Wednesday, April 10, 2013

coming home safe at night

When I told our attorney that executing search warrants as a home invasion should not be legal, he told me that if I were the wife of a cop, all I would want is for him to come home safe each night. Since then, my response has been that if I were the wife of a cop, I would not want him to put his safety above those he has sworn to serve and protect.

Which brings us to this article by Radley Balko.
The "war on cops" talk heats up every time that one or more high-profile police killings hit the news. But there's just no evidence that it's true. 
I've pointed out a number of times that the job of police officer has been getting progressively safer for a generation. Last year was the safest year for cops since the early 1960s. And it isn't just because the police are carrying bigger guns or have better armor. Assaults on police officers have been dropping over the same period. Which means that not only are fewer cops getting killed on the job, people in general are less inclined to try to hurt them. Yes, working as a police officer is still more dangerous than, say, working as a journalist.
The truth is that farmers, miners, and fishermen are more likely to die in the line of work than law enforcement officers.

Balko says the false belief that cops constantly risk their lives in their work leads to poor policy and poor budget decisions.
For example, one effect of false perceptions about the dangers of policing that I've noted before is that they can sway public debate on issues like police budgets, police use of force, police militarization and what sort of accountability cops should face when they're accused of violating someone's civil rights. Exaggerating the threat that cops face can make policymakers and public officials more reluctant to hold bad cops accountable or more willing to outfit police departments with weapons and equipment better suited for warfare.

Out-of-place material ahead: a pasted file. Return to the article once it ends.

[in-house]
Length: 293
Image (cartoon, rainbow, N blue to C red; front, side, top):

I interviewed lots of police officers, police administrators, criminologists and others connected to the field of law enforcement. There was a consensus among these people that constantly telling cops how dangerous their jobs are is affecting their mindset. It reinforces the soldier mentality already relentlessly drummed into cops' heads by politicians' habit of declaring "war" on things.
Read the whole thing. The next time law enforcement talks about how dangerous their job is, you'll know better.

1 comment:

Snow Lover said...

Marie, once again you are right on the spot. Nay sayers: Just spend an evening watching the "Cop" shows that have become so popular. Watch how drunk drivers, and people who have run for one reason or another are treated when they are caught/arrested. Many other situations show unneccessary brutal force in a scene that doesn't call for it. Women and old people are not exempt from this behavior inflicted by the officers. In many situations, however, there is reason for the officer to take every precaution and to use every tool and brute strength they have, but the rest seem like "practice". Of course the officer's jobs are dangerous. So is mine! I travel, constantly being exposed to strangers when I am by myself. Dogs, angry people, drunk and texting is all part of my job however - and I take every precaution. But that doesn't mean that I should mace every dog that approaches me, or draw my legally carried handgun whenever anyone answers the door. The actions of the police when they came to your house is just an awful example of what is happening daily across this country...for a variety of reasons. Are we so ignorant that we believe control freaks and dangerous mentally ill people never wear a badge? Do we really believe that having a calm approach is part of an officers training and refresher courses? Is all the screaming really necessary, or could it possibly escalate an otherwise controllable situation?